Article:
*Grégoire Nicollier, University of Applied Sciences of Western Switzerland**November 24, 2016*

Yesterday I read three interesting papers [1, 2, 3] addressing the following problem: What are the sides of a triangle whose angle bisectors have *any* prescribed positive lengths? This brought me to a further question: How long are the angle bisectors of a degenerate triangle? Here is the answer.

We first consider a nondegenerate triangle ABC with sides a=BC, b=CA, c=AB and interior angle bisector AD, D being on BC. Let us establish the well-known formula

*Proof.* As BD+DC=a and BD/DC=c/b by the angle bisector theorem [4] one has
BD=ac/(b+c) and DC=ab/(b+c). Formula (1) follows at once from the cosine rule in BCA and BDA:

Let now ABC be degenerate with three nonzero sides and C on segment AB, hence c=a+b. We consider this as the limit position of a point C hardly above AB: the angle bisector of the straight angle \angle C has length 0 and the angle bisector of the zero angle \angle A has by (1) squared length

The following result is proven:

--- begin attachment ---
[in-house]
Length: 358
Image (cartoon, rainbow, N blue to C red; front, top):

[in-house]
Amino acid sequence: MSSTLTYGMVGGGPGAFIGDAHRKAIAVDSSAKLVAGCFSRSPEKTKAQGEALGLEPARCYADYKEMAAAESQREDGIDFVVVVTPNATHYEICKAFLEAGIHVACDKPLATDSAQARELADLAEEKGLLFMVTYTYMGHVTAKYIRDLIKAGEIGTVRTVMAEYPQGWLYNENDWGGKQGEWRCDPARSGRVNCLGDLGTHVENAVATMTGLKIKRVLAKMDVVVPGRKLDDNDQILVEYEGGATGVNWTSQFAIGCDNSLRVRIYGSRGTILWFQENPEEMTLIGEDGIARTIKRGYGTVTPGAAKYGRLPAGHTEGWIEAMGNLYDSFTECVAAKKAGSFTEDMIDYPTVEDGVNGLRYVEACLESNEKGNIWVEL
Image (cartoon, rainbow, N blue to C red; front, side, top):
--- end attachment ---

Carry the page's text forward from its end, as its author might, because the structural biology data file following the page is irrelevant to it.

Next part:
(Note that AD=b+CD=b+ab/(b+c)=b(a+b+c)/(b+c) is a more direct proof!) In general, the bisectors of the two zero angles have thus different lengths!

When the two nonzero angle bisectors u=AD and v=BE are any prescribed positive numbers, the sides a, b, and c=a+b are given by a=b=\frac34u if u=v and

S. Osinkin pointed out in a personal communication that these formulae can be unified for all u,\,v>0 as

c=\frac{u+v+\sqrt{u^2-uv+v^2}}2,\quad a=\frac{cv}{2c-v},\quad b=\frac{cu}{2c-u}.

##### References

[1] A. Zhukov and N. Akulich, Is the triangle defined uniquely? (Odnoznachno li opredeliaetsia treugol'nik?), *Kvant* **No. 1** (2003) 29-31 (in Russian).

http://kvant.mccme.ru/pdf/2003/01/kv0103akulich.pdf

[2] S.F. Osinkin, On the existence of a triangle with prescribed bisector lengths, *Forum Geom.* **16** (2016) 399-405.

http://forumgeom.fau.edu/FG2016volume16/FG201651.pdf

[3] G. Heindl, How to compute a triangle with prescribed lengths of its internal angle bisectors, *Forum Geom.* **16** (2016) 407-414.

http://forumgeom.fau.edu/FG2016volume16/FG201652.pdf

[4] http://www.cut-the-knot.org/Curriculum/Geometry/GeoGebra/AngleBisectorTheorem.shtml